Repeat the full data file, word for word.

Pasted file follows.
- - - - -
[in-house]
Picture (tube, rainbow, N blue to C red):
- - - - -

[in-house]
Picture (tube, rainbow, N blue to C red):